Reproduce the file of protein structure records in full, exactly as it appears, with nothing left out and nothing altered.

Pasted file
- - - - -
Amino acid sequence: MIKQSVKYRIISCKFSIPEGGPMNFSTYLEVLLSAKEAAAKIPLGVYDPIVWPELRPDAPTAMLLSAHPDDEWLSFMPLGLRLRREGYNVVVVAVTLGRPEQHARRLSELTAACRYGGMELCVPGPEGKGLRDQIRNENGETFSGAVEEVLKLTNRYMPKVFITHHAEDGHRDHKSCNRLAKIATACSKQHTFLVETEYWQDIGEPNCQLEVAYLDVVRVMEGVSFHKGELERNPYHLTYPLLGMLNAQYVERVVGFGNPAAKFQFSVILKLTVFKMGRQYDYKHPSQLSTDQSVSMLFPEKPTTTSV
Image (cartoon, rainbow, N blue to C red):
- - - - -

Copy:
Amino acid sequence: MIKQSVKYRIISCKFSIPEGGPMNFSTYLEVLLSAKEAAAKIPLGVYDPIVWPELRPDAPTAMLLSAHPDDEWLSFMPLGLRLRREGYNVVVVAVTLGRPEQHARRLSELTAACRYGGMELCVPGPEGKGLRDQIRNENGETFSGAVEEVLKLTNRYMPKVFITHHAEDGHRDHKSCNRLAKIATACSKQHTFLVETEYWQDIGEPNCQLEVAYLDVVRVMEGVSFHKGELERNPYHLTYPLLGMLNAQYVERVVGFGNPAAKFQFSVILKLTVFKMGRQYDYKHPSQLSTDQSVSMLFPEKPTTTSV
Image (cartoon, rainbow, N blue to C red):